After a few minutes at the plaza, we re-boarded the bus and rode toward the Malecón, the 5-mile-long sea wall along the north side of Havana. The Malecón was lined with many old and new hotels, and buildings yet to be repaired after Hurricane Irma in 2017. We passed the US Embassy, surrounded by its wrought iron fence, and directly across from a plaza containing the José Martí Anti-Imperialist Platform and the “Wall of Flags.” As we passed, Yakarta conveniently left out the word “Anti-Imperialist” when referring to the plaza. She also didn’t say anything about the reason for the Wall of Flags. I will though.
The plaza, which was built in 2000 directly across from the US Embassy, has been the site of many protests against the US government. The first protest was over the custody of Elián González, the 6-year-old boy who was taken from Cuba by his mother and whose family in the US refused to return to his father in Cuba. Since then, the plaza has been used for other protests and the stage that has been used for concerts. The Wall of Flags was placed in the plaza in 2006 as a sign of protest against an electronic message board that had been built on top of the US embassy. The group of 138 now-rusting flag poles and black flags with white stars (which were not flying today) were put up a month after the message board was installed and are just high enough to block the public’s view of the board when standing in front of the stage.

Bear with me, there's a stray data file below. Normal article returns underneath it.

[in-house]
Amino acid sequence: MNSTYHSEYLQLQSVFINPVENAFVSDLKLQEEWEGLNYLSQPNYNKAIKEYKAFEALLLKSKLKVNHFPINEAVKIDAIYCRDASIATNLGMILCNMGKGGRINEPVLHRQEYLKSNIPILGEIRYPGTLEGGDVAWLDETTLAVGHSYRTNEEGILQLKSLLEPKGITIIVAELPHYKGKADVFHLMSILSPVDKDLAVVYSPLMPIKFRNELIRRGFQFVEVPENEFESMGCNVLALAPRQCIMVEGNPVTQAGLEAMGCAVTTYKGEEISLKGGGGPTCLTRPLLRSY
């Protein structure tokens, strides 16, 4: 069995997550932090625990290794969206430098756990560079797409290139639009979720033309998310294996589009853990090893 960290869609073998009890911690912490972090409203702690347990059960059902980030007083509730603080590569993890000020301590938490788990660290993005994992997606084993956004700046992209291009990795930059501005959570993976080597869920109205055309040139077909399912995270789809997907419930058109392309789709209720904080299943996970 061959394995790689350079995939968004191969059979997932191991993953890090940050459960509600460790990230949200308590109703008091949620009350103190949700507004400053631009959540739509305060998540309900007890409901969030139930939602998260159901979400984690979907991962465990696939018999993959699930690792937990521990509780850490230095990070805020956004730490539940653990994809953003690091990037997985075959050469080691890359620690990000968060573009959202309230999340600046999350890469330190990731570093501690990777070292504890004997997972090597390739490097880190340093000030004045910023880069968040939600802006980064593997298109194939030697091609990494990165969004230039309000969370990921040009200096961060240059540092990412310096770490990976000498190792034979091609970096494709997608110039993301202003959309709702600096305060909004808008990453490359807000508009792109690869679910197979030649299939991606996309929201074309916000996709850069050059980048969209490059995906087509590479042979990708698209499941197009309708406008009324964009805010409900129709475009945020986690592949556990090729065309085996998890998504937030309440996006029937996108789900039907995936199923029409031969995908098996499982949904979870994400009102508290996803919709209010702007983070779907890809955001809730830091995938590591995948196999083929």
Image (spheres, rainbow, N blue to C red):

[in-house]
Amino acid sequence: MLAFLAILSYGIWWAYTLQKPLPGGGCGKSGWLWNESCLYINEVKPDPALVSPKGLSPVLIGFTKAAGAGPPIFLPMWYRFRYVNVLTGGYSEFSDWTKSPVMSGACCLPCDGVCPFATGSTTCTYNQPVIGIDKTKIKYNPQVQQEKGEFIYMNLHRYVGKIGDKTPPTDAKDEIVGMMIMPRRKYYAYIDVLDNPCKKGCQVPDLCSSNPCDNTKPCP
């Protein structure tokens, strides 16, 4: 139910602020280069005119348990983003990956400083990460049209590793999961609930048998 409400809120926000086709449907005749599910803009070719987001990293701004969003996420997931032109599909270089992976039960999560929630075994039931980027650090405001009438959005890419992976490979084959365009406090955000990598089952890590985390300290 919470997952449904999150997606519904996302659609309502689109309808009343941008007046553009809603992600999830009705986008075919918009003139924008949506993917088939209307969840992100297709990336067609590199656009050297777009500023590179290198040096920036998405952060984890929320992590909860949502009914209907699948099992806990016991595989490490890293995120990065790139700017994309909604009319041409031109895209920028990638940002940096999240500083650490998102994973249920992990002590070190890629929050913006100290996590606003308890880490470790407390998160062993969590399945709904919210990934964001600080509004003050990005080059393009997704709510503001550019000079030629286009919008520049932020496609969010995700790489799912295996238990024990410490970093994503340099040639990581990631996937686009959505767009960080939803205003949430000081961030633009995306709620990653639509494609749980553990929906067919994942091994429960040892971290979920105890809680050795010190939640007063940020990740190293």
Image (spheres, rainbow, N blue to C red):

As we passed the far end of the plaza, Yakarta pointed out a statue of Martí which depicted him shielding a child with his body and arms while pointing in the direction of the US embassy. Yakarta told us Martí was protecting the child from invading “imperialists.”
We continued into downtown Havana and passed the former capitol building. The capitol was built between 1926 and 1929 and formerly housed Cuba’s congress until the revolution in 1959. The capitol has a similar appearance to the US capitol, but was not built as a replica despite being built by an American construction company. After the revolution, Cuba’s congress was disbanded and the building fell into disrepair before being turned into a museum. The building is currently being restored to be used again by the Cuban National Assembly.